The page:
However, if one takes it positively, ignoring the hardships, the stay in the rehabilitation center can be meaningful. For my part, I did my best to live there one day at a time, and enjoy every moment at the time. It did made my life fruitful. First and the most important thing of all, I realized that drugs, especially shabu, were bad. It not just destroyed me mentally and physically, it also devastated my life, and I no longer want to live a life full of regrets and full of messes anymore. Then, I found new friends that shared the same sentiments as I – people who could relate to and understand me. Living there taught me patience, since waiting for six months can be so stressful. It also taught me endurance, especially in every struggle and punishment that I experienced. It taught me determination, hard work, and perseverance, for I chose to become a Coordinator (CO), the highest rank a patient can achieve; and thank God, I made it! It taught me how to value my family, the people who supported me during my darkest times. There, I learned about my faults and regretted them.
I know I can't go back to change what's behind me - that I can no longer do anything about it. Instead, I must accept what has happened, forgive myself, let go of the negativities, and do my best to change into a better person. At the rehab center, I built my new dreams in life. There, I got the courage to go back to school and determine to graduate. And there, I found God, who became my refuge, my protector, my provider, and my guide.
Paul wrote in Philippians 3:13, “The one thing I do is to forget what is behind me and do my best to reach what is ahead.” Just like him, I had an awful past. But I am still thankful to God for all the possibilities in my life. I learned a lot and became stronger. Despite all the pain I have felt and the wounds I have acquired, still, I found the courage to stand up again and move on with life.

I can never forget what I have done, but I have accepted my fate. I know God will completely heal me someday. I know that the journey has just begun, and I will face a lot of hurdles in the near future. But, as long as I believe in myself and trust God to always be there in all circumstances with me, then I can keep moving forward and continue the change in my life.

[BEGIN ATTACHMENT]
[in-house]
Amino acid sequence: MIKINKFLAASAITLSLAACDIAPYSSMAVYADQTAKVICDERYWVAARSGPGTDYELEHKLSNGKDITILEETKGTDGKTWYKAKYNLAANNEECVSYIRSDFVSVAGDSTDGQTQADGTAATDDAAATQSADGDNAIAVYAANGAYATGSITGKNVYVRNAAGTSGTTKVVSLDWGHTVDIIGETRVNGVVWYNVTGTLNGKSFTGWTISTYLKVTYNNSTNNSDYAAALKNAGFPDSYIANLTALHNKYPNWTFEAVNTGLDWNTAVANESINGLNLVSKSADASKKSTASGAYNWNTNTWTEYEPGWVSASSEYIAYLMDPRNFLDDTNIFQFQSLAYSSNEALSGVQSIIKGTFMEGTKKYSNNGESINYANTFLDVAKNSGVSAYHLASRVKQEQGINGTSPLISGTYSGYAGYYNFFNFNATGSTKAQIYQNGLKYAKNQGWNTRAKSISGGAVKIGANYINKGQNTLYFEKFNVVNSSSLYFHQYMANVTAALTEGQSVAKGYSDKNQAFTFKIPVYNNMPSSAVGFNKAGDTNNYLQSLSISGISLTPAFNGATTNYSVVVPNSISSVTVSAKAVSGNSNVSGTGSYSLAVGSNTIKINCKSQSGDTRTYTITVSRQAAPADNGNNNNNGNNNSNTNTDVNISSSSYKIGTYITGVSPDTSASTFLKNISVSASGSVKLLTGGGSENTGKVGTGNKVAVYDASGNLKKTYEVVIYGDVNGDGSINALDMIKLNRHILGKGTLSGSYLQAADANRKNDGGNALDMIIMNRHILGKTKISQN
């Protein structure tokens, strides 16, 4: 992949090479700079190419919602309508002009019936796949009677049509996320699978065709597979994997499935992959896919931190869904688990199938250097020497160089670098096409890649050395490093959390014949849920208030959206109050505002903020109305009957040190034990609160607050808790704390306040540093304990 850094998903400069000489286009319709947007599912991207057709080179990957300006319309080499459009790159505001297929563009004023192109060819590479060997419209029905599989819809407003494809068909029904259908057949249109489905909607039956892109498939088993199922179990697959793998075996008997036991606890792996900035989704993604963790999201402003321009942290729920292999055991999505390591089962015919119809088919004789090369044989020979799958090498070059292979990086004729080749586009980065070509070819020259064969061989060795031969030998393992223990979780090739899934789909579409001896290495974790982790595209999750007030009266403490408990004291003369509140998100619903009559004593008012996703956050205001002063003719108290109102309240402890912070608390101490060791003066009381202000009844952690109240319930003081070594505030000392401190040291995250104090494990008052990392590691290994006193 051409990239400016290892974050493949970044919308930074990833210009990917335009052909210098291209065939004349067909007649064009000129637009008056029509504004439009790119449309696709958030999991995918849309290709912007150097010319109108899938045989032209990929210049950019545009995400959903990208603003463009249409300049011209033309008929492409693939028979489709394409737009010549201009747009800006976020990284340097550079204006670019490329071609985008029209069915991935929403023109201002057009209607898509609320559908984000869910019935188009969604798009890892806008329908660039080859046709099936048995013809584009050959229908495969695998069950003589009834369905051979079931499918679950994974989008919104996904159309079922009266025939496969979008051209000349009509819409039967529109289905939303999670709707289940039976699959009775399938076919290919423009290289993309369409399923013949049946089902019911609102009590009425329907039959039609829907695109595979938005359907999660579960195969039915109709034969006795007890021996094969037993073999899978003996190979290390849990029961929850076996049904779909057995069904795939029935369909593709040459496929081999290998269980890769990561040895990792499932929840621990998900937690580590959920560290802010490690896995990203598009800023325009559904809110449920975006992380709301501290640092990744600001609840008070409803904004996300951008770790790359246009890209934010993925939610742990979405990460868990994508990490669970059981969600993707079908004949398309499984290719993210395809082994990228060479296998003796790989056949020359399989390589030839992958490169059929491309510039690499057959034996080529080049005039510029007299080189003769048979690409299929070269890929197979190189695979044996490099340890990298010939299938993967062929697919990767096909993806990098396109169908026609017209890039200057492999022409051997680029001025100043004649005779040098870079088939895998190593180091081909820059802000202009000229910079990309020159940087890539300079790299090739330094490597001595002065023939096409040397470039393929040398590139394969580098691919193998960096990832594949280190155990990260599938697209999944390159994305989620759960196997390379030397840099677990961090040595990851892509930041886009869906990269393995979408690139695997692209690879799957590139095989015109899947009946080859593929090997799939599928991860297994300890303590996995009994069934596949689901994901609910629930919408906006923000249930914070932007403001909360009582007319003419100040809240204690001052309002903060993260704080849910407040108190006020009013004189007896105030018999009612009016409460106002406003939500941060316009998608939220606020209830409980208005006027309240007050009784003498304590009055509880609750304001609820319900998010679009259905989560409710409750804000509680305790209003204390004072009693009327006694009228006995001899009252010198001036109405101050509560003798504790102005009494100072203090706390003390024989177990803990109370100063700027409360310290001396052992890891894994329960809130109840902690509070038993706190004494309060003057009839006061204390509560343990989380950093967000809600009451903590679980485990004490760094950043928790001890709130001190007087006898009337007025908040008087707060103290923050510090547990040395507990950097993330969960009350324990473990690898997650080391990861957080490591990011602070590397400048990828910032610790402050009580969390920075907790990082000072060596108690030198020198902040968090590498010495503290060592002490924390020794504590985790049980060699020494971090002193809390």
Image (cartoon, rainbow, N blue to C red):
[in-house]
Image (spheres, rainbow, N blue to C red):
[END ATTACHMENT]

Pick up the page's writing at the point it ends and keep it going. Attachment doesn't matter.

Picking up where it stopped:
Sunday, April 9, 2017

I Am Very Proud To Be Me

By Gabrielle Diolata Payla


My name is Gabriel. I am Gabby to my family, relatives and friends, especially in the wonderful world of transgender. Actually, I could not distinguish from among my friends whether transgender or not, if they are genuine or fake. My detractors and critics (who are known for being hypocrites but are trying to be saints) call me Gabriela with a Cebuano accent. So they say, I am amiable, cute, sweet and talented. And being a normal person,I do also dream, aspire and have ambitions – one is to join a beauty pageant for transgenders in several cities, municipalities and secluded barangays, aspiring to bag all the prizes and awards. Who says that I don't have the 3Bs – body, beauty and brains?


Joining a particular pageant for transgender is not an easy task. Of course, a transgender must have a beautiful body for the swimsuit and evening gown competition. Aside from being witty and being tactful, she must have brains for the question-and-answer portion of the pageant. Aside from her charm, winsome smile and exceptional talent, she must have beauty or a beautiful face as her ace card to win the several special awards of the contest, like Miss Photogenic, Miss Congeniality, and Miss Talent. Just like anybody else, however, I sometimes win and sometimes lose. But then, quitters never win and winners never quit!

I remember when I joined a beauty pageant for transgenders in a remote area of Barangay Matabang in Talisay City. A week before the pageant, the organizer of the event introduced us to the Screening Committee for auditions. Being one of the aspiring candidates, I was enveloped with mixed emotions. I was very happy to find out that some of the candidates were my friends. I was quite nervous, because some candidates were tall and beautiful, and could be mistaken as real ladies.

We were interviewed by the Committee. We showed a little portion of our talent. After a couple of days,the head of the Screening Committee announced the ten lucky candidates for the pageant. Fortunately, I was chosen to be one of the aspirants.

During our rehearsals, I came to know better the other nine candidates of the beauty pageant. My mind at first was filled with bad impressions about my rivals. However, these were replaced by a happy disposition because of the goodness they showed toward me. They were kind-hearted, friendly, and very accommodating. I couldn't help but laugh when they came out from their shell. They even gave me some useful tips for the beauty pageant.

Then the night came if the much-awaited beauty pageant. Backstage, my makeup artist did a lot of retouch on my makeup, unmindful of the national anthem and the invocation.

We were first presented to the audience with our festival costumes, made of recyclable materials. The crowd was very refined and civilized.

When we conquered the stage wearing two-piece swimsuits, however, the once-quiet audience became so unruly. The unwanted noise of shouts and laughter created by the crowd filled the covered court. Our focus was not to entertain the audience, but to win the hearts of the judges by showing our curves. The unruly crowd was not content just to laugh and shout. They even whistled with gusto, especially when their favorite candidate occupied the stage during the talent portion. Most candidates did a modern or pop dance. To break the monotony, I did a lip sync which, to my surprise,  wowed the crowd!